America’s largest manufacturer of bikes and after market products has designed and built some of the best road and mountain bikes since ‘75. Trek is constantly reinventing itself, branching out into travel, kids bikes and eco-friendly products.
- address: 801 West Madison StWaterloo, WI 53594-1379
- telephone: (920) 478-2191
- fax: (920) 478-9674
- website: http://www.trekbikes.com
- e-mail: [email protected]
Go to any cycling event be it a triathlon, criterion or charitable ride and you will find Trek bikes a dime a dozen. Trek has become something of an “in bike” for road cyclists in particular, and if you like being one of the crowd that will suit you. In any case, Trek has developed a solid reputation and strong following over the years.
Trek is the Afrikaans word for “journey”. And if you do read through the company history you’ll soon discover the journey Trek’s been through. They have continually refined and improved their products over the last 25 years and also encourage their customers to embark on their own journey towards improved health and a better world.
Trek began its journey in December 1975 in a barn when Dick Burke invested USD $25,000 to manufacture steel touring frames to rival those produced in Japan and Italy. The initial goal was to build the best bikes in the world but it wasn’t until 1982 they actually manufactured complete bikes. They then took on the steel road racing bike market and in 1983 made their first mountain bike. In 1984 Trek launched an after market parts and accessories line.
From there it’s been all systems go entering the carbon fiber frame market (1989), developing a hybrid bike (1990), their first kid’s bikes (1990), acquiring Gary Fisher Mountain Bikes (1993), introducing a full suspension Y bike (1995) and signing three-time Tour de France champion Greg LeMond to get LeMond Racing Cycles on its feet (1995) – although the relationship with LeMond soured in 2008 and both sides alleged breach of contract.
Trek has a long list of credits we just don’t have time for here. But it’s worth noting they have seated Lance Armstrong on Trek Bicycles for his seven-consecutive Tours de France (three times on the Madone), bikes that were also available to the public, although at some USD $8,000. They’ve also invested in technology development for lighter, leading bikes particularly for Armstrong. Trek is also becoming a major industry player supplying bicycles for the US Postal Service Pro Cycling Team, Discovery Channel Pro Cycling Team of the USA and the Astana Team since 2007.
In 2006 Trek launched the “1 World 2 Wheels” campaign. The idea was to encourage Americans to swap their cars for bikes on trips of two miles or less. While Trek had long supported the League of American Bicyclists and the Bikes Belong Coalition this seemed to spearhead a direct social conscience change to the company. Today their mission is to “Help the world use the bicycle as a simple solution to complex problems” such as easing traffic congestion, improving health, seeing the world and combating climate change. Fortunately they seem to practice what they preach encouraging staff to commute and conduct business by bike with incentives such as a free breakfast for those that bike over 12 miles to work. They’ve cut their coal emissions to zilch and parking spaces at their headquarters are allocated for car poolers only.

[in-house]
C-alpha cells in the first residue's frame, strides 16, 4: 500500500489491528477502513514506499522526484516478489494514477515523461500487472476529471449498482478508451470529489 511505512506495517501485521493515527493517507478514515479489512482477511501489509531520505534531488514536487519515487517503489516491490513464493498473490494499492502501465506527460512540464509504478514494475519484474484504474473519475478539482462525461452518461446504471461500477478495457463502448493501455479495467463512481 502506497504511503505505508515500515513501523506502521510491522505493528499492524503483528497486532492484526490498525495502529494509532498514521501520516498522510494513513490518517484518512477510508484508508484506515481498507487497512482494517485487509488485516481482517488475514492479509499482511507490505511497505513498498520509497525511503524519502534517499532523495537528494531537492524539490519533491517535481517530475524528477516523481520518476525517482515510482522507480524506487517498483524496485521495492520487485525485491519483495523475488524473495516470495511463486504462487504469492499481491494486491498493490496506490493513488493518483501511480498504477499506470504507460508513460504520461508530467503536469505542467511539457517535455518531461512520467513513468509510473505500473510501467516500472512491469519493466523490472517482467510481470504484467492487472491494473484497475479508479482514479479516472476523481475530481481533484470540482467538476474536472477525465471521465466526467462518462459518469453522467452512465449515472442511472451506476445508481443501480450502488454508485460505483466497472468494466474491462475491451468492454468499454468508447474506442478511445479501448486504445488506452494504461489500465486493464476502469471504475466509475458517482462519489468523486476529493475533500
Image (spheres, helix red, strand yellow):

Trek has also turned its hand to designing products like cruisers, hybrids and electric bikes that are smarter and greener to encourage healthier lifestyles. They also have the social program Dream Bikes under-way to teach youth from challenged neighborhoods to fix and repair donated bikes.
Today Trek produces everything from top end road, mountain and triathlon bikes to hybrid, comfort, cruiser and kids bikes along with several eco-friendly products. Products are available in a range of prices; the high performance gear will break your bank while other bikes are more affordable. They have designed bikes and accessories to fit women riders since 2000 and they have a custom bike program Project One, where customers can choose their own paint scheme and component mix.
Trek bikes can only be bought in stores and are not sold mail order or on the Internet. They are the second largest brand in the world (after Giant) sold this way and it has kept them popular with store-owners. Trek owns/licenses Gary Fisher, Klein and Bontrager.
Whatever way you want to look at all this, it seems Trek has pretty big boots, or should we say bike shoes, to fill. They’re versatile and have been tried and tested for 25 years. If we’ve wet your whistle to find out more take a look behind the scenes and join the weekly factory floor tours at the Waterloo headquarters in Wisconsin.
Hours of work
Monday – Friday
9am to 5pm (Central)
- Standard Frames: Yes
- Custom Frames: No
- Retrofitting old bikes: No
- Year Established: 1975
- Products Made In: High-end bikes in Waterloo, Wisconsin (USA) and Hartmannsdorf (Germany), price competitive models in Taiwan and China
- Availability: 1,700 dealers in North America, subsidiaries in Europe and Asia and distributors in 90 countries worldwide.
- Types of Bicycles: high-end road, mountain and triathlon bikes; hybrid, comfort, cruiser and kids bikes and several eco-friendly products
- Construction Methods: TIG welded and OCLV carbon process (Optimum Compaction Low Void technology)
- Frame Materials: aluminum, steel, carbon fiber